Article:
“The app allows us to easily map the entirety of Hampton Roads,” says Loftis. “This year, nearly 300 volunteers collected over 35,000 GPS points and 218 geotagged photos for geospatial comparison across Tidewater Virginia, allowing us to validate our model across the region.”

Flood Model Validation

Street Level Flood Model from VIMS is based on data from water level sensor network to predict the time and location of coastal flooding on Hampton Roads – from the wide shores of the Chesapeake Bay to the narrowest tidal creeks.

{{youtube:medium|3J9VtXM7hBQ, see how Derek Loftis uses data collected by volunteers at Catch the King events to validate VIMS’ street-level flood model.}}

Loftis uses data collected during Catch the King and other flood events to validate model predictions through careful, cell-by-cell comparison of predicted and observed water levels. He says: “We take the GPS values ​​from the app and the 1.2 million individual grid cells from our model, and compare the time series of what was observed and what was predicted. We then use any discrepancies to help improve the model.

Loftis even created a tool that allows Catch the King participants to self-check validation. “We built an online map that allows people to measure between any of their points and what our model predicted as the maximum flood extent,” he says. “They can use the online measurement tools to see in feet any difference between what they recorded as the high water mark and what the model predicted.”

CTK Map ViewerThe differences usually don’t stem from a problem with the physics the model uses to simulate water level changes, but from inaccuracies in the elevation data. Although LIDAR technology — which uses aircraft-mounted lasers to map ground height — has greatly improved elevation maps in Virginia and around the world, certain types of terrain still pose problems. “LIDAR can’t see through thick forest cover, or under bridges, or through culverts,” says Loftis, “so we need people to visit these hotspots in person.

Loftis says that’s where Catch the King’s media partners — The Virginia Pilot, Daily Press, WHRO and WVEC — play a particularly important role. “We’ve been collecting data since 2014 using the Sea Level Rise app,” he says, “but without media support everyone tends to go to the only place they experience flooding – The Hague in Norfolk, for example Our media partners are key in letting people know not to collect data only in places where we already know there are problems, but that they need to expand to areas where model validation is most needed.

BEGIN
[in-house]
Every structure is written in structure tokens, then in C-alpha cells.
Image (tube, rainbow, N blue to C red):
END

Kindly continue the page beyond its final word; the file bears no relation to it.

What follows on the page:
Select the photo to see how Catch the King helped improve the VIMS flood model.Duhring validates the success of this communication effort in 2019. “Our volunteers,” she says, “expanded our coverage area by mapping the Middle Peninsula, North Neck and East Coast to document how flooding affects rural areas. as well as urban areas, such as Norfolk.

Ian Cheyne, one of twelve Master Gardeners from the Northern Neck Chapter to volunteer for this year’s event, says: “We covered about 500 yards of beach at Hughlett Point and spots on Dymer Creek and the River Rappahannock. We had a great time and everyone is excited to start over and get more people involved.

In support of this year’s Catch the King event, Commonwealth Center for Recurrent Flooding Resiliency, a partnership between VIMS, Old Dominion University and the Virginia Coastal Policy Center at W&M Law School. The main sponsors of this year’s event were the Hampton Roads Sanitation District and AECOM. Other sponsors include the Batten Environmental Education Initiative, the Hampton Roads Community Foundation and tHRive, the young professionals of the Hampton Roads Chamber.

Although this year’s Catch the King event has already taken place, the Sea Level Rise app is available anytime through the Apple App Store and Google Play, and training sessions will continue to prepare users for future high tides and storms.